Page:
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Old 27th March 2004, 03:25 PM   #1
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Default Which Spectrum Analyser??

What is the better spectrum analyser to have?

A Tek 5L4N on a 5113 mainframe with a dynamic range of 80dB for $220

or

A software package such as SpectraPlus 132 for $300 or more with plug ins.
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Old 27th March 2004, 03:50 PM   #2
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I prefer stand-aone gear. I can take it where I need it, without having to lug a computer.

Not familiar with that model, but I have had troubles with a Tek mainframe/analyser combo at my last job. Could have been a fluke, but it spent more time at Tek than my lab.

Jocko
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Old 27th March 2004, 04:46 PM   #3
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Default Re: Which Spectrum Analyser??

Quote:
Originally posted by fmak
What is the better spectrum analyser to have?

A Tek 5L4N on a 5113 mainframe with a dynamic range of 80dB for $220

or

A software package such as SpectraPlus 132 for $300 or more with plug ins.
Whilst like Jocko I prefer standalone equipment, in this case the PC based solution is superior. You need to factor in the cost of a good soundcard and don't rely on some of the published numbers from the cheaper vendors. However, you can easily beat the 70dB spurious free dynamic range that the 5L4N provides. Unlike a spectrum analyser the inputs on a sound card are usually fixed level so a set of attenuators or amplifiers may be needed for some applications. The flexibility that a software packages can give you with a cheap soundcard is hard to match in the audio range unless you are willing to move up to much more expensive equipment.

James
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Old 27th March 2004, 05:10 PM   #4
sam9 is offline sam9  United States
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Any advice on suitable sound cards? Lynx is out my price range. Santa Cruz or Audigy are more like it but reviews in PC mags emphsize a lot of game related DSP features which I suspect are of not benefit and might actually get in the way.
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Old 27th March 2004, 05:16 PM   #5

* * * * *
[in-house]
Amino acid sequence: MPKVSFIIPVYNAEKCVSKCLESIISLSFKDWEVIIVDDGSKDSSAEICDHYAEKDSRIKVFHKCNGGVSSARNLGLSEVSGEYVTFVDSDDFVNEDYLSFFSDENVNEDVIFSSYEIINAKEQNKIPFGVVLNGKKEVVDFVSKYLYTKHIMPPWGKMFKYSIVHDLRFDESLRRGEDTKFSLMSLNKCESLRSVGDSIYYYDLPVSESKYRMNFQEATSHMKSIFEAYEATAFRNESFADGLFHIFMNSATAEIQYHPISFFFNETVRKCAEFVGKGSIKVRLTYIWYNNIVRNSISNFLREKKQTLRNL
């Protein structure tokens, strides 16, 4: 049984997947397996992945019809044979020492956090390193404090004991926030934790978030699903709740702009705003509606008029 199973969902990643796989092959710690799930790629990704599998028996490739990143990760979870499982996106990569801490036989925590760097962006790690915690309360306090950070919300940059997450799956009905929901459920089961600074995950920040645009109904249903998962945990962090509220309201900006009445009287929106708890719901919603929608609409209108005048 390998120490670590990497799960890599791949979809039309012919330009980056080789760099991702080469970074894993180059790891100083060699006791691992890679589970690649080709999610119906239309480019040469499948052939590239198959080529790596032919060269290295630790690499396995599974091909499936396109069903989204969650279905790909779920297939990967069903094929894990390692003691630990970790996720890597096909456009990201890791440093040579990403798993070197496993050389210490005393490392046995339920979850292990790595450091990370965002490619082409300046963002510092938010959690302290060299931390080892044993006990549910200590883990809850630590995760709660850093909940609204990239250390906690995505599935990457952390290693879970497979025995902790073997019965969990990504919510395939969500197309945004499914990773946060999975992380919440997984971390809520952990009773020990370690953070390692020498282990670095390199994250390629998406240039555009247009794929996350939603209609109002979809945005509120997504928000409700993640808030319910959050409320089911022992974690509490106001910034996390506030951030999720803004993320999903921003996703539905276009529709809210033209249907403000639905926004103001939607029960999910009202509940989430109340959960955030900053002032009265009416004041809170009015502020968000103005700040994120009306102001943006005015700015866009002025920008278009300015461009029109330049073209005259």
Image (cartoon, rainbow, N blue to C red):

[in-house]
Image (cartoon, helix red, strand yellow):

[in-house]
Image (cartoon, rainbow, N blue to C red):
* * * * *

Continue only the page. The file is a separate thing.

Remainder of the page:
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Quote:
Originally posted by sam9
Any advice on suitable sound cards? Lynx is out my price range. Santa Cruz or Audigy are more like it but reviews in PC mags emphsize a lot of game related DSP features which I suspect are of not benefit and might actually get in the way.
-------------------------------------------------------------------------
Terratec 24/96 is quite clean and no src. Audigy is rubbish; nos game; A weighted result; srcs everything; crap software; -ve overload margin.

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Old 27th March 2004, 05:19 PM   #6
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Quote:
Originally posted by Jocko Homo
I prefer stand-aone gear. I can take it where I need it, without having to lug a computer.

Not familiar with that model, but I have had troubles with a Tek mainframe/analyser combo at my last job. Could have been a fluke, but it spent more time at Tek than my lab.

Jocko
----------------------------------------------------------------------------------

Jocko

Any recommendation for an affordable unit with good dynamic range? I too prefer hardware although computer is more powerful.

Fred
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Old 27th March 2004, 07:29 PM   #7
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Quote:
Originally posted by Jocko Homo
I prefer stand-aone gear. I can take it where I need it, without having to lug a computer.
Yes, and you carry a 5113 mainframe with plug-ins easily around, do you?

Nowadays a laptop PC + good external soundcard is easier to handle and can be used free of a mains socket. There is a huge amount of threads about this subject on this board.

Cheers
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Old 27th March 2004, 07:34 PM   #8
Bricolo is offline Bricolo  France
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Quote:
Originally posted by sam9
Any advice on suitable sound cards? Lynx is out my price range. Santa Cruz or Audigy are more like it but reviews in PC mags emphsize a lot of game related DSP features which I suspect are of not benefit and might actually get in the way.

Terratec is good, M audio is very good
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Old 28th March 2004, 02:50 AM   #9
BrianL is offline BrianL  United States
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There is a BIG difference between your two choices, fmak.

The Tek is a swept analyzer. The PC soundcard mit software
will be an FFT analyzer.

The two are not necessarily interchangable. Each has pros
and cons.

The Tek stuff can be flakey and IMO they never really figured
out how to make a spectrum analyzer, modular or one-piece.
But for $220...

If you're only wanting audio, look for an HP3580A.
__________________
bel
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Old 28th March 2004, 04:06 AM   #10
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I second the m-audio card. I've written a bunch of data acquisition routines and analysis codes in labview which do a lot of speaker testing (t/s parameters, in room sweeps, quasi-anchoic, etc). I used to use a Soundblaster live which is a good performing card for the money (think $20), but my M-audio kicks butt.

I still use the soundblaster in a lunchbox computer combined with Loudspeaker lab as a great portable speaker measuring tool.

Sheldon
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